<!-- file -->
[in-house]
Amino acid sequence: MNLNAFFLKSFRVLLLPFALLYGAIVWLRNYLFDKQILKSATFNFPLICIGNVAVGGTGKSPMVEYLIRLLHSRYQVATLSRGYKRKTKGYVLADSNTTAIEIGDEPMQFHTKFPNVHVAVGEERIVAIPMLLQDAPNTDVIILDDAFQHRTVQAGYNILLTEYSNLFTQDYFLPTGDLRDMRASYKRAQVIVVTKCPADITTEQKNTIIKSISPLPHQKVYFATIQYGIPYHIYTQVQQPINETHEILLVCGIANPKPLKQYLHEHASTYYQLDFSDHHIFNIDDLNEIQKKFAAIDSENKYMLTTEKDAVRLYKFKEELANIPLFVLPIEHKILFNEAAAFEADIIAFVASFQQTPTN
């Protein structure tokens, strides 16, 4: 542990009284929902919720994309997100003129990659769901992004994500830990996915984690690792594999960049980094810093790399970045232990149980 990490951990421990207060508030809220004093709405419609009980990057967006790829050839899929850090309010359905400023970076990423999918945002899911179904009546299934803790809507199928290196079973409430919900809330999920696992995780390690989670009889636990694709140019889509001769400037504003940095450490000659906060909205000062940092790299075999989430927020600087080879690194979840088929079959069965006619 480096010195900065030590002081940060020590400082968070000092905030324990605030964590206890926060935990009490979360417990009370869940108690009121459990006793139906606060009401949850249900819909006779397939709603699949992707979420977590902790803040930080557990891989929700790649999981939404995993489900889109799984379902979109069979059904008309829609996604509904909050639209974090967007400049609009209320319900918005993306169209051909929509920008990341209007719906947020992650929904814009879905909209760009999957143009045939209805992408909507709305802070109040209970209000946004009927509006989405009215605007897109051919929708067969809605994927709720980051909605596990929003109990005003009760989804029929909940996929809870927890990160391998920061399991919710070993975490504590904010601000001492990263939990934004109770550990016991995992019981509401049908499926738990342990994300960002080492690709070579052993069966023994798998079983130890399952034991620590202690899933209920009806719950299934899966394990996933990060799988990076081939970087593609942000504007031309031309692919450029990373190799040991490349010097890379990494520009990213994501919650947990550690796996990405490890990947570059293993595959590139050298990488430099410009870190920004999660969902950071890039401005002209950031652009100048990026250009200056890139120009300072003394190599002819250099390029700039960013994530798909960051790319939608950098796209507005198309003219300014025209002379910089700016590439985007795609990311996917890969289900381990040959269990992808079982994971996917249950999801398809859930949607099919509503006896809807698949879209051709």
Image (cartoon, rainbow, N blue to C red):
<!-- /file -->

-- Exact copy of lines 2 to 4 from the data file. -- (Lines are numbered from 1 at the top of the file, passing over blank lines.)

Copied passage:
Amino acid sequence: MNLNAFFLKSFRVLLLPFALLYGAIVWLRNYLFDKQILKSATFNFPLICIGNVAVGGTGKSPMVEYLIRLLHSRYQVATLSRGYKRKTKGYVLADSNTTAIEIGDEPMQFHTKFPNVHVAVGEERIVAIPMLLQDAPNTDVIILDDAFQHRTVQAGYNILLTEYSNLFTQDYFLPTGDLRDMRASYKRAQVIVVTKCPADITTEQKNTIIKSISPLPHQKVYFATIQYGIPYHIYTQVQQPINETHEILLVCGIANPKPLKQYLHEHASTYYQLDFSDHHIFNIDDLNEIQKKFAAIDSENKYMLTTEKDAVRLYKFKEELANIPLFVLPIEHKILFNEAAAFEADIIAFVASFQQTPTN
């Protein structure tokens, strides 16, 4: 542990009284929902919720994309997100003129990659769901992004994500830990996915984690690792594999960049980094810093790399970045232990149980 990490951990421990207060508030809220004093709405419609009980990057967006790829050839899929850090309010359905400023970076990423999918945002899911179904009546299934803790809507199928290196079973409430919900809330999920696992995780390690989670009889636990694709140019889509001769400037504003940095450490000659906060909205000062940092790299075999989430927020600087080879690194979840088929079959069965006619 480096010195900065030590002081940060020590400082968070000092905030324990605030964590206890926060935990009490979360417990009370869940108690009121459990006793139906606060009401949850249900819909006779397939709603699949992707979420977590902790803040930080557990891989929700790649999981939404995993489900889109799984379902979109069979059904008309829609996604509904909050639209974090967007400049609009209320319900918005993306169209051909929509920008990341209007719906947020992650929904814009879905909209760009999957143009045939209805992408909507709305802070109040209970209000946004009927509006989405009215605007897109051919929708067969809605994927709720980051909605596990929003109990005003009760989804029929909940996929809870927890990160391998920061399991919710070993975490504590904010601000001492990263939990934004109770550990016991995992019981509401049908499926738990342990994300960002080492690709070579052993069966023994798998079983130890399952034991620590202690899933209920009806719950299934899966394990996933990060799988990076081939970087593609942000504007031309031309692919450029990373190799040991490349010097890379990494520009990213994501919650947990550690796996990405490890990947570059293993595959590139050298990488430099410009870190920004999660969902950071890039401005002209950031652009100048990026250009200056890139120009300072003394190599002819250099390029700039960013994530798909960051790319939608950098796209507005198309003219300014025209002379910089700016590439985007795609990311996917890969289900381990040959269990992808079982994971996917249950999801398809859930949607099919509503006896809807698949879209051709």
Image (cartoon, rainbow, N blue to C red):